Danny Lawson/PA

News that National lottery ticket prices are to double from £1 to £2 in September has been met with huge public backlash.

Low income households are particularly disgruntled by the price rise, the first since the lottery launched in 1994, with many threatening to boycott the national prize draw.


Lotto players have taken to Twitter and Facebook to slam the move announced on Wednesday, calling the National Lottery organiser Camelot "disgusting" and "greedy."

Many voiced plans to take their betting money elsewhere and buy premium bonds or play the Irish lottery instead.

National backlash
Around 60% of UK adults play the Lotto regularly, with an average weekly spend of just under £6. From September, a family playing one set of numbers in both weekly draws will see their annual spend double to £208.

In 2009 a study found lower-income groups spend more on tickets, pinning high hopes on a win to transform their finances.

Long time players that use the same set of numbers in each draw will be the biggest losers, as many will be worried to turn their back on the game in case their numbers finally come up.

Increase in price money
Camelot said the dramatic increase will be be offset by a rise in prize money. It said the payout for the average Saturday jackpot would increase from about £4.1m to £5m.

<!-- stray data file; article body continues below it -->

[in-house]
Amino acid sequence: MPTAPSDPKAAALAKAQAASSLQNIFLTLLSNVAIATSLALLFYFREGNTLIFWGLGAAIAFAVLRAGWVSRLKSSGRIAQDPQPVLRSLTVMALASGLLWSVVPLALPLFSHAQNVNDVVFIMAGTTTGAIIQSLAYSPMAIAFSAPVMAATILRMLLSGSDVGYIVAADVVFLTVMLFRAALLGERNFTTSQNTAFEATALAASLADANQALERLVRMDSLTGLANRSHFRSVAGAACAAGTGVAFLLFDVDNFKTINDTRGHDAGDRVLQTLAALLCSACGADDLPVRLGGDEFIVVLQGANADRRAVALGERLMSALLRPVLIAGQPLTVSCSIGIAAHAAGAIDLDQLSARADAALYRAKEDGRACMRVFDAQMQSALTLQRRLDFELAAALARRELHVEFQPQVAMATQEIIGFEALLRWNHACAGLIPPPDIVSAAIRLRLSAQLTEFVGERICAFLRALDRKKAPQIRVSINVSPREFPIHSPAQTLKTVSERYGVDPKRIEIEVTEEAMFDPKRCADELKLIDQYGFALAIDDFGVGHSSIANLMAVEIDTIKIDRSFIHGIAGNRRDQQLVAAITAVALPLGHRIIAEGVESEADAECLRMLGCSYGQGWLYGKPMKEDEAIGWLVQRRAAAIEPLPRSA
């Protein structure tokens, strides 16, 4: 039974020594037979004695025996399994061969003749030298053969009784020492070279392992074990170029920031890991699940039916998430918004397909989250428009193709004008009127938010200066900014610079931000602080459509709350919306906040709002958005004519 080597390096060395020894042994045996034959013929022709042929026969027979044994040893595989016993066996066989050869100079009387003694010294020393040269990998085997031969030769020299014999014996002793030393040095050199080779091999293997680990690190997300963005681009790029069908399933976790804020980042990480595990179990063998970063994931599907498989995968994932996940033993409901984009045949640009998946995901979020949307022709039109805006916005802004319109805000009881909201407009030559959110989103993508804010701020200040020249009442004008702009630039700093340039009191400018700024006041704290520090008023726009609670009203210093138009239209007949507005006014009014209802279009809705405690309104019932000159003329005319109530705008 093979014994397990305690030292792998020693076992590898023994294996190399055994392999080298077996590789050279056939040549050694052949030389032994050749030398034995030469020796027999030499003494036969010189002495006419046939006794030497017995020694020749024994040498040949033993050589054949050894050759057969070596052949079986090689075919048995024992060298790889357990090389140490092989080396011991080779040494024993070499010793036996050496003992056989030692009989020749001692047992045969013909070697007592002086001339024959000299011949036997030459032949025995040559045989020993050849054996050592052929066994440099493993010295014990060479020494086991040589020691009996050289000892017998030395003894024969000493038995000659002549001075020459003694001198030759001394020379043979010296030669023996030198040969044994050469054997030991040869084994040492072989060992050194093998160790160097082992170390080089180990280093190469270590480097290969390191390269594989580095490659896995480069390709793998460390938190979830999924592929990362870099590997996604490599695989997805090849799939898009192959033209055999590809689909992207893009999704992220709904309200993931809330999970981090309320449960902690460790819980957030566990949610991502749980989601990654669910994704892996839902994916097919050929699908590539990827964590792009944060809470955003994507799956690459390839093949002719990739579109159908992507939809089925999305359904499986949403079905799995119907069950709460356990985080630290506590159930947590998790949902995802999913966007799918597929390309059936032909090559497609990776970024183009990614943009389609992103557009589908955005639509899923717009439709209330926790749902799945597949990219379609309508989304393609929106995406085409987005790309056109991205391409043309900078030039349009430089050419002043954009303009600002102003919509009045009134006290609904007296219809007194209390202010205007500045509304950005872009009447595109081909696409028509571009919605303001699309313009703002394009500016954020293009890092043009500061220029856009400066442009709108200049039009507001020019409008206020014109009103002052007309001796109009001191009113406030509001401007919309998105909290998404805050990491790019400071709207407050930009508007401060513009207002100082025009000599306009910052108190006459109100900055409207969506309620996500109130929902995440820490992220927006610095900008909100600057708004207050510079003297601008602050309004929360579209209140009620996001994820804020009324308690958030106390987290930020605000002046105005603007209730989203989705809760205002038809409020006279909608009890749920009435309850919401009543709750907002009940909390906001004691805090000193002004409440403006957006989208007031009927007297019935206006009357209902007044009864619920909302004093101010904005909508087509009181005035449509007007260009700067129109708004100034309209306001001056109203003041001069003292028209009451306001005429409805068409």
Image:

In defense of the move, it said that charities, ticket sellers and government coffers would all benefit from the price rise. It also announced rises in the amount paid to those matching three numbers, from £10 to £25, and matching four numbers, from £60 to £100.

Andy Duncan, Managing Director of Camelot UK Lotteries Limited, said: "Our players still love Lotto – but after 18 years, they say they want more from it.

"We've spoken extensively with them to develop a re-energised game, and the changes we'll be introducing in the autumn to rejuvenate Lotto will give them what they have asked for: £25 for matching three numbers; bigger jackpots; and a brand new way to play and win one of 50 prizes of a guaranteed £20,000 on each and every draw."



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